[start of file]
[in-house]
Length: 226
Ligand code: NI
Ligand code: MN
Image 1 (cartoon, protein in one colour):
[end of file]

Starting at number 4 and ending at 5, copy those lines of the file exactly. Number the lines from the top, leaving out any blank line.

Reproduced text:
Ligand code: MN
Image 1 (cartoon, protein in one colour):